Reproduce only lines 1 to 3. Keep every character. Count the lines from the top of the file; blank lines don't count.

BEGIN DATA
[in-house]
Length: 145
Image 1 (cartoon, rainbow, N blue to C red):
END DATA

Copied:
[in-house]
Length: 145
Image 1 (cartoon, rainbow, N blue to C red):